Hey there, tech enthusiasts! Today we're diving into the world of GitOps with the brand-new Botkube Flux plugin.
In Botkube, we move towards GitOps by developing extensions like the new Flux plug-in. We all know the importance of GitOps workflow automation—it's the backbone of modern Kubernetes management. But sometimes, we encounter situations where automation is needed but hasn't been implemented yet. That's where Botkube steps in.
The Botkube Flux plugin is designed to bridge the gap between your Kubernetes clusters and GitHub repositories. It enables you to execute commands directly from Slack using interactive forms. Plus, it keeps you in the loop by notifying you about GitHub pull requests that are altering your kustomization files. It provides a dedicated button to show a diff report between the pull request and your current cluster state.
In this blog post, we will reveal the cards and dive deep into the thought process and implementation details of the Flux plugin. You'll get to know the Zapier-like aspect of Botkube that connects Kubernetes clusters, GitHub, and the Flux CLI – all of this to make you fall in love with your Day 2 operations.
Now, let's get into the nitty-gritty of this plugin's journey. Picture yourself as part of a team managing Kubernetes applications with multiple pull requests. Our goal is to integrate with Flux CD to simplify Day 2 operations for Flux users. Let's take a closer look at the user story:
Next, let's make it mobile friendly. The secret ingredient is interactivity like buttons and select menus.
Typing or copy-pasting a long names doesn't work well. Now, you have a handy Flux client right in your pocket, ready with just a few clicks.
And we are just half-way there 😈
Here comes the last, but unique, part that makes the difference: support for Day 2 operations.
In our case, we stitched together three important parts: Kubernetes cluster, GitHub platform, and Flux CLI. As a result, we've provided a streamlined experience for generating a diff report in the context of GitHub pull requests and the current cluster state.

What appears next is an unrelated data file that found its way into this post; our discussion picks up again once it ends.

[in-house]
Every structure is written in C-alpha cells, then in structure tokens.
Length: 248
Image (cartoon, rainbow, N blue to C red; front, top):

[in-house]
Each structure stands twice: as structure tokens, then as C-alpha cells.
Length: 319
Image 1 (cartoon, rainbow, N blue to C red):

🎁 As you may notice, the diff report notification includes some useful actions out-of-the-box:
- Posting the diff report as a GitHub comment.
- Approving the pull request.
- Viewing the pull request.
Now, when we're happy about the result, we are still missing one more part to automate our day 2 operation.
Even though the diffing flow integrates with GitHub, it still requires two manual steps:
- discovering that a new pull request was created
- constructing a Flux related command
That's how the GitHub Events source was born. Now we can set up a complete workflow to:
- Watch for GitHub pull requests that changes files in
kustomizedirectory. Alternatively, we can use label selectors.
- Get notification on Slack about new pull request.
- Render and embed event-aware button to run a diff report.
Now, you may think that what we achieve in those 4 steps it's great but will be hard to configure. Is it? We hope that included YAML sample proves that it is not:
- Flux Executor, with optional GitHub token:
- GitHub Events workflow:
We've kept the syntax generic, allowing you to configure different command buttons under specific types of events.
Thanks to automated notifications with event-aware buttons, you can easily generate reports and share them with your team or contributors.
While posting diff reports can be fully automated, you might want to do it intentionally by clicking a button. Why? Because the report may contain sensitive information that you don't want to fully disclose to external contributors.
Using, for example, GitHUb Action, unfortunately, doesn't give us this freedom. We tried to automate the whole workflow while still keeping you as the decision-maker when it comes to sharing the report or directly approving the PR.
With that being said, nothing blocks us from adding in the future support for AI assistance. Imagine an AI that reviews the diff report and decides whether to proceed with automated approval. Are you ready for AIOps? Exciting times ahead!
While you were reading the first part of the Flux plugin evolution, did you consider what kind of manual steps would be required without the plugin? Let's break it down:
- Checking GitHub repository for a new pull requests.